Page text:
SRINAGAR: Kashmiris, along with Sikhs, are among new categories being considered for additional ethnicity tick-boxes on the 2021 census form by the UKs Office of National Statistics (ONS).
We are a long way off as there is still a lot of research that needs to be done to ensure that the census held every 10 years collects all the right information. Ethnicity is just one aspect of this research and Sikhs and Kashmiris are among a number of requests we received, an ONS spokesperson said.
For Kashmiris, Manchester City Council expressed the view that adding such a category would help them benchmark their services for the community.
Including Kashmiri in the Census will allow us to benchmark our practice and the outcomes of Manchesters Kashmiri population with the rest of the UK, the council said.
Sikhs are already recognised as a separate religion in the optional religious question introduced in the 2001 Census.
The UKs Race Relations (Amendment) Act 2000 placed an obligatory and specific duty on the countrys public authorities to monitor and positively promote race equality in the provision of public services.
Sikh groups based in the UK have been campaigning for a separate category for British Sikhs for years and are hopeful that research launched this week to inform the census questionnaire will lead to such a change.
If the Census 2021 ethnicity question does not include a Sikh tick box question, the impact from a service user perspective will continue to grow and result in Sikhs being invisible to those who develop policies and deliver public services, Sikh Federation UK and Sikh Network said as part of their representations to the ONS.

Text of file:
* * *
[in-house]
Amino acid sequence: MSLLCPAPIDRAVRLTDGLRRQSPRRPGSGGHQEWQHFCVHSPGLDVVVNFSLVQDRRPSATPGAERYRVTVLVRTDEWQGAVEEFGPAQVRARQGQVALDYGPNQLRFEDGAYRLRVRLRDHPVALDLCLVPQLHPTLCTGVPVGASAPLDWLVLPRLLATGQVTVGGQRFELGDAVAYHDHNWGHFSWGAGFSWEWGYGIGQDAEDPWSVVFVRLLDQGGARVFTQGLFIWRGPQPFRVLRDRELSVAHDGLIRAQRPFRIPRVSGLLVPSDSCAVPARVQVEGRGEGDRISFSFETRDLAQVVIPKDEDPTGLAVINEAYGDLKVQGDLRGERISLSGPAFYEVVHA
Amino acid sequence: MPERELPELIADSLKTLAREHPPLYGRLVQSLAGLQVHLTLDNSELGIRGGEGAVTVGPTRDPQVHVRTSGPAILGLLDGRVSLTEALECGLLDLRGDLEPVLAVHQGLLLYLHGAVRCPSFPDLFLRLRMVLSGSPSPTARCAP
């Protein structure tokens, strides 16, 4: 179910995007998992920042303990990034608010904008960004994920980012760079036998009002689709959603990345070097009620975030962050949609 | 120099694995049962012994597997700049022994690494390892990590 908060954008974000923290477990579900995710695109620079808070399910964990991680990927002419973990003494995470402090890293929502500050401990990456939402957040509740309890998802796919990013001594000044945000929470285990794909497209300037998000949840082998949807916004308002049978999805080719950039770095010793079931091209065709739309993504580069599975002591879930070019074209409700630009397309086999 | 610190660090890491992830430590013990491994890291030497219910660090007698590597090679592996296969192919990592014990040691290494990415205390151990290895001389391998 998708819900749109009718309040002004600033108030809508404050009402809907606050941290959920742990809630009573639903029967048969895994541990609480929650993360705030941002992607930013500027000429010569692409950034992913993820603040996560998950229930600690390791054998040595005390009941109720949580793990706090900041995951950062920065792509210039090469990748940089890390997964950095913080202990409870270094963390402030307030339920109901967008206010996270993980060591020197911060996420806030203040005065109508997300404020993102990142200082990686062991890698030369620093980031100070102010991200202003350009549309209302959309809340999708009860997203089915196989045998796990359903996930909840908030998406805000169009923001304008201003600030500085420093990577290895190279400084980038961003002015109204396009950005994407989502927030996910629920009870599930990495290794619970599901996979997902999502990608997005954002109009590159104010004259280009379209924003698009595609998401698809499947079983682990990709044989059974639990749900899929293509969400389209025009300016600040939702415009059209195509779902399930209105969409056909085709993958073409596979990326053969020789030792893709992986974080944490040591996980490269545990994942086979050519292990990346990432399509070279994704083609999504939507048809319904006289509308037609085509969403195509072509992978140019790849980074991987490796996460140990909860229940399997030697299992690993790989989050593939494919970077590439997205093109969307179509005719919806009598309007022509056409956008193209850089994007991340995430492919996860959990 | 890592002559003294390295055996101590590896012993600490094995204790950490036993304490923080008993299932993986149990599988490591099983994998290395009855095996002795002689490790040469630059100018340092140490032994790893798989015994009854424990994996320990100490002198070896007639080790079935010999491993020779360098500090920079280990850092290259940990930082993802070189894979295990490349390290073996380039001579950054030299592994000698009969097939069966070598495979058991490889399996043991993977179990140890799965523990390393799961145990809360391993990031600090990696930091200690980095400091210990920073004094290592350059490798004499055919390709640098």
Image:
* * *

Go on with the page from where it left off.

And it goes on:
This will span across the inequalities observed by Sikhs in health, education, employment etc, it said.
Gypsy, Jewish, Latin American, Somali and Turkish are among some of the other ethnicities that are being considered as part of a UK-wide survey of nearly 40,000 households which began yesterday.
The results of the survey will be analysed and published later this year before a Census White Paper is prepared for Parliament by 2018.
Be Part of Quality Journalism
Quality journalism takes a lot of time, money and hard work to produce and despite all the hardships we still do it. Our reporters and editors are working overtime in Kashmir and beyond to cover what you care about, break big stories, and expose injustices that can change lives. Today more people are reading Kashmir Observer than ever, but only a handful are paying while advertising revenues are falling fast.